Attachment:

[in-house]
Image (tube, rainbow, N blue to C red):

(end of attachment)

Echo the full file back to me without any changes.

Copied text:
[in-house]
Image (tube, rainbow, N blue to C red):